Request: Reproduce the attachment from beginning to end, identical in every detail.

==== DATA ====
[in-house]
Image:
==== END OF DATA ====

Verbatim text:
[in-house]
Image: